As a starting point, governance and partnerships need to be established as principles for WikiAI development. Without a strong commitment to these principles, the accepted mode of commons-based peer-production on Wikipedia will prove insufficient to deal with these challenges.
Both the value of governance and partnerships have been intensely debated in the context of the current Wikimedia Movement strategy and its implementation. However,I would argue that so far, both principles are aspirational so far. For each of them, the movement could do more to bring them to life truly — both in terms of better mechanisms for participatory governance and expanding the movement through partnerships. Managing the use of machine learning technologies and their impact creates an opportunity to strengthen governance and partnerships.
Due to how they use (or even exploit) the commons and how they contribute to the commons with synthetic content, machine learning systems create major challenges for the Wikimedia Movement. They require participatory governance — and provide the best opportunity to explore new ways of governing Wikimedia projects. Participatory governance of AI is a hot topic, with initiatives launched by the biggest companies in this space: Open AI and Meta. Democracy Next has also proposed a civic initiative on the issue based on the citizen assembly methodology. And a recent study by Wikimedia Deutschland and the Platoniq foundation explored participatory governance in Wikimedia projects. A “Wikimedian assembly on AI” could bring real value to the movement.
Regarding partnerships, Wikimedia should build relations with organizations like Eleuther.ai and companies like HuggingFace, so that the expertise of responsible AI developers can be combined with that of the stewards of the digital commons.
Thinking more bravely, all this creates room to define a mission-based approach for the broad open movement — and test whether Wikimedia can see itself as a steward that works in solidarity with the Wikimedia Movement and broader open ecosystems.
The growth of AI systems, due to the cross-cutting character of the issue, provides a vast opportunity to engage in such collaboration – which should include both the prominent players in the movement like Creative Commons and Mozilla, but also many more minor actors. The planetary scale of this effort and the need to consider content and languages from around the world make this a mission well-suited to inspire such global cooperation.
Last but not least, the partnership principle could also address something more fundamental — the overall approach to AI development should be based on a partnership between human Wikimedians and machine actors.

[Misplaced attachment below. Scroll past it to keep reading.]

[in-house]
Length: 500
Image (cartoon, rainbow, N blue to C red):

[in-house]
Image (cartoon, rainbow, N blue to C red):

To sum it up, the development of WikiAI – a commons-based, peer-produced AI stack seen as an integral part of the Wikimedia effort – should cover the following core elements:
For years, Wikimedia has been a source of data for other projects. Search engines like Google have been using Wikipedia content in infoboxes (fundamentally shifting, in the process, the information flows in which Wikipedia is situated). Photographs from Wikipedia have been used for face recognition training for almost a decade.
Recently, content from Wikimedia projects has also been used for training most of the significant large language models. And Wikipedia content is currently crucial for improving the models’ quality. In sum, knowledge commons built by the Wikimedia Movement – packaged into training datasets – have proven to be a valuable resource for AI development. As part of the WikiAI effort, we should develop governance mechanisms to make sourcing such datasets more sustainable. In other words, there is a need to go beyond Wikidata and design and build the Wikidataset.
The Wikimedia Enterprise project could be part of such governance: a voluntary payment model that secures the sustainability of the commons at scale. Getting major AI companies to join the program would be a significant step forward — and could provide funding for the WikiAI endeavor.
Yet more has to be done than ensuring sustainable sourcing of wiki content. We need for commons-based dataset governance: datasets that are shared openly but also address such issues as bias avoidance, sustainable and fair data collection, and participatory governance. Wikimedia is well-positioned to build such datasets and explore issues around their governance. We also need explore other governance mechanisms beyond those tied to copyright licensing. New data governance intermediaries – such as data cooperatives and data trusts – could be explored as governance mechanisms.
The use of generative AI for wiki-content generation is a reality. And therefore, we should design new modes of content production that provide guidelines and rules for such contributions while trying to avoid the following two scenarios along the way.